Thursday, March 3, 2011

“We live in strange times, in case you have not noticed. Here we are with our home computers and other high-tech appliances, living what we regard as a normal life … The world we are living in ─ a world that couples Homo sapiens with fast-paced hypertechnology ─ is strange to us because sometimes it feels like what it is, a transient dream  ....  We are dreaming a strange, waking dream; an inevitably brief interlude sandwiched between the long age of low-tech humanity on the one hand, and the age of human beings transcended on the other. We are living in the latter days of humanity; cybertechnologies will quickly replace us. Just inches of time away exists a speedy reality bearing down on us that we may sense, but do not show on our faces  ....  While one may be made uncomfortable by the thought of a truly strange 21st century, there is around us an impending sense of arrival ─ a strangeness in the air, an uneasiness, a feeling that deep down, things are starting to change in swift, fundamental ways too fuzzy to put a finger on. More than just the onset of the third millennium, it is the quiet before the storm. The products of technology are becoming more curious ─ a little too smart, a little too fast. It’s downright unsettling. And, hey, people aren’t dumb. They know that we have just begun to build smart dumb machines; soon it will be dumb smart machines. Where will it stop? If we continue to build machines smarter than the last ones, and then one that is smarter than that and so on ─ well, you do not have to be a particle physicist to see that the machines cannot keep getting smarter and smarter, yet forever remain dumber than us. Garry ‘John Henry’ Kasparov, chess Grand Master, lost a championship game to a machine for the first time in history this year. Perhaps someday, we’ll hear the battle cry of humanity rallying in desperation: ‘Remember Deep Blue’…”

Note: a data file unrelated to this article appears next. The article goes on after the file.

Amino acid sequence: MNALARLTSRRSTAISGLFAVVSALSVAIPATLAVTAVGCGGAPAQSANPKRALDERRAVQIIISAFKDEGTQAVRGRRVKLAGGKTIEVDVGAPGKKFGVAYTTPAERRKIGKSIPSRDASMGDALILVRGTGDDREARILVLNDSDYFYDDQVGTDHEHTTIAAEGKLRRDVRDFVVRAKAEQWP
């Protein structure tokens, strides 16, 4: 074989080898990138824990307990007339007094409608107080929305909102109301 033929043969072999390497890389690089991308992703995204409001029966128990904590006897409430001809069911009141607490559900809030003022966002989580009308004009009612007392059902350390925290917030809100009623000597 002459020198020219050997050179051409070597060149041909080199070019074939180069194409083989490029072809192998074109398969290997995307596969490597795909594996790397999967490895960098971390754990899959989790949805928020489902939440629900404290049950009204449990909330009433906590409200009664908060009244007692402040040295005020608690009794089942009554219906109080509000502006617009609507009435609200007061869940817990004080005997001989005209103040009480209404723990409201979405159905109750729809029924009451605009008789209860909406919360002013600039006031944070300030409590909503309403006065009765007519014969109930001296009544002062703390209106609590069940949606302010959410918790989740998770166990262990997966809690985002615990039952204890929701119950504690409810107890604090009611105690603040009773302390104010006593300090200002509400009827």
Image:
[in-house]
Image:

Publisher and/or Author and/or Editor:__Andres Agostini ─ @Futuretronium at Twitter! Futuretronium Book at http://3.ly/rECc